- Introduce an idea sharing platform
You need to bring employees together to share and collaboratively generate ideas, whether in-person or virtually, the right platform is important.
For example, Dell IdeaStorm (www.ideastorm.com) provides a platform for anyone to submit their ideas, and to comment and vote on ideas from other people whereas HP organizes brown bag lunches for their employees to encourage them to discuss their ideas.
- Create a screening process for all the ideas
You need to have an idea screening processes in place so your employees know that their ideas are being considered. This can be done in different ways.
At Electrolux, cross-functional team consisting of design, research and development, and marketing professionals are involved in the screening process which involves ideas being tested with focus groups. Any design failing to achieve a 70% approval rating from the focus group is eliminated automatically. Whereas Google simply collects ideas from employees through emails at a company-wide suggestion box, and make the ideas available for all other employees to rate and comment on.
- Employ innovation advocates
Have a team of advocates on board who support the idea generation and innovation process. This group will inspire change throughout the organization by asking questions, supporting ideas, and demanding radical changes.
For example, at Boeing, a ‘Phantom Works’ group was created which supported the idea generation and innovation process by communicating between departments and sought ideas and technologies that could be applied in newly identified areas of the organization.
- Encourage collaborative experimentation
Organizations should employ collaborative experimentation to improve the chance of success at innovation. Communicating with stakeholders brings new ideas, corrects problems, addresses market needs, and speeds up the innovation process.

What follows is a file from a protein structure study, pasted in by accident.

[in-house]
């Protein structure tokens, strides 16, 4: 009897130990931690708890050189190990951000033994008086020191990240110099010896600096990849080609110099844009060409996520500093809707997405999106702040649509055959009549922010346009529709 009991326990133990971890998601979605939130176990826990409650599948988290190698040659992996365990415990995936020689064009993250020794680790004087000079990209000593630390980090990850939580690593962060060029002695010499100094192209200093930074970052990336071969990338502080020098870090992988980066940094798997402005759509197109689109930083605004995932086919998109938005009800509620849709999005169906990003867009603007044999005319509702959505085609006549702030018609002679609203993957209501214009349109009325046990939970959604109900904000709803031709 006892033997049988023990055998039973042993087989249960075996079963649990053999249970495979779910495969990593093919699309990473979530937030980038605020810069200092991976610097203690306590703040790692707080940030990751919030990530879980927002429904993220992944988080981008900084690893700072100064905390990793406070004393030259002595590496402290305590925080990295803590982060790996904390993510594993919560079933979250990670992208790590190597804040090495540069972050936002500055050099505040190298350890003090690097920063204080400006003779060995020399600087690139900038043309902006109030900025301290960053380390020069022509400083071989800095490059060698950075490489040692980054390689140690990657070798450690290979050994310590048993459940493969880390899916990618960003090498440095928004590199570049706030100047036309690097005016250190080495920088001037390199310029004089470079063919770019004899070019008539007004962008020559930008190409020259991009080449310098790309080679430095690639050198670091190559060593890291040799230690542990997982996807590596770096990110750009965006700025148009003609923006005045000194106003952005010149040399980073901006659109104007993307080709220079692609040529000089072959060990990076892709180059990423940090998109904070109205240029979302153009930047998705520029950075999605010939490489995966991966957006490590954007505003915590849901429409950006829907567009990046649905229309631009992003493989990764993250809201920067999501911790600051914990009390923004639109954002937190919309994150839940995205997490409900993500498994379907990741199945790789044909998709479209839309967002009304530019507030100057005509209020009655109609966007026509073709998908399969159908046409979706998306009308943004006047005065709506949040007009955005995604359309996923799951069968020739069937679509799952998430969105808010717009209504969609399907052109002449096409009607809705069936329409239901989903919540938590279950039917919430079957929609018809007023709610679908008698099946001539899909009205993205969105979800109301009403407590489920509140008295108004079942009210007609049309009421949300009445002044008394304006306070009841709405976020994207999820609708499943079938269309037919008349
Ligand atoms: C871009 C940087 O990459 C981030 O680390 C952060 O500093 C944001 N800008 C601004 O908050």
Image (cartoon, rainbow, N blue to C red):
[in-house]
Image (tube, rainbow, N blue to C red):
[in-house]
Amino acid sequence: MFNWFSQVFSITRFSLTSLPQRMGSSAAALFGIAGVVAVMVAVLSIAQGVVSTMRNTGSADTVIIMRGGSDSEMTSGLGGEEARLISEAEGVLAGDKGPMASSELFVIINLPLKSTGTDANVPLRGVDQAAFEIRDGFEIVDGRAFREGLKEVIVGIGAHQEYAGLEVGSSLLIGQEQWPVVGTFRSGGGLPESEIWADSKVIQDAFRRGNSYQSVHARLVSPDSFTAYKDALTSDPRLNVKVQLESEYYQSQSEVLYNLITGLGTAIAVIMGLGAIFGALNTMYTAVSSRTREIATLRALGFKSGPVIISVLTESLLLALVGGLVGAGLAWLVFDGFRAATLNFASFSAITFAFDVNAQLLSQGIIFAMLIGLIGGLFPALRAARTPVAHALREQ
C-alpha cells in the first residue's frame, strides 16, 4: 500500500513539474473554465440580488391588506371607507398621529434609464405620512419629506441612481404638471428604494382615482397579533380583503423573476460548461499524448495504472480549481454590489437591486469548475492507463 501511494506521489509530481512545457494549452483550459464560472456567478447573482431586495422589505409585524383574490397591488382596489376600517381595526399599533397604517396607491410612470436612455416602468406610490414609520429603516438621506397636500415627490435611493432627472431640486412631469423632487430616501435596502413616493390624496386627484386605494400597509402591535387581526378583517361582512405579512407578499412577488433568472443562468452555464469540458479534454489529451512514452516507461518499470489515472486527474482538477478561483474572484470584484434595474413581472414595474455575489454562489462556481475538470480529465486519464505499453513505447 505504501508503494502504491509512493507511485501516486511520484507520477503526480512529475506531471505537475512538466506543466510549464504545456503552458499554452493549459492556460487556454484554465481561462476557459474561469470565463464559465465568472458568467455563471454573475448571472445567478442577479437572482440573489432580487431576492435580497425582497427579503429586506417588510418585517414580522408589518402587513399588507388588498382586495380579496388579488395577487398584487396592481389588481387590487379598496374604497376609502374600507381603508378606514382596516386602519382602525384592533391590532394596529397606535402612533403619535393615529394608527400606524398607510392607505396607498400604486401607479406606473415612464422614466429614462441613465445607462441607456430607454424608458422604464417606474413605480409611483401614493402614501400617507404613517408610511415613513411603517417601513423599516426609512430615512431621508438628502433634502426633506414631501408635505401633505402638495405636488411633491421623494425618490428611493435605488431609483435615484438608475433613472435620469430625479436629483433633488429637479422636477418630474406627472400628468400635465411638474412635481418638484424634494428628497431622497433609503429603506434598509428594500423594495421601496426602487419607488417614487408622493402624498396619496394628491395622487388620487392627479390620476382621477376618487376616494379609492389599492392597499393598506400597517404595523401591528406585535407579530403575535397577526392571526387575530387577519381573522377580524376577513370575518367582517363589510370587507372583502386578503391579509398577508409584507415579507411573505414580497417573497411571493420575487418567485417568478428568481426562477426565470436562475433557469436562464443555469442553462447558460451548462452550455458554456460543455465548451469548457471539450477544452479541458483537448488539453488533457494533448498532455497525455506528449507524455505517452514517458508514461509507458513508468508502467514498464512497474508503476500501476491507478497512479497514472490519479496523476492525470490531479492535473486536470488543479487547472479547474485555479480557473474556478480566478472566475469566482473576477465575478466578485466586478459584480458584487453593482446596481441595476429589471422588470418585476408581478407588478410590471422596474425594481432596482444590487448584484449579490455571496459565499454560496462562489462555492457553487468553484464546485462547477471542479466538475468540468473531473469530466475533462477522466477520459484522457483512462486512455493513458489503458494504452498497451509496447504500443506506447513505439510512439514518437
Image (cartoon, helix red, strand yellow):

An example of this is when Google made prototypes of products such as Gmail and Google Earth available for existing users which helped with developments.
- Communicate with your employees
It is important for your employees to ‘buy in’ to your ideas and know as much as they can about the development of them.
For example, HP Labs uses electronic newsletters, informal coffee talks, and peer reviews to convey its latest innovation developments to employees. Having several venues for sharing information increases the likelihood that every employee will find a useful source for information about innovation and new ideas in the organization. This decreases uncertainty and negativity and helps people to be open to new ideas.
- Be specific with your communication
Beyond communicating to your employees, you need to let them know how the innovation affects them and the positive outcomes it could bring. For example, at PNC Bank, online learning courses for employees were tied to specific job skills so each employee could tailor their online learning to meet their objectives. In this way, employees could see how the innovative course offerings applied directly to their situation and could then decide how to invest their time.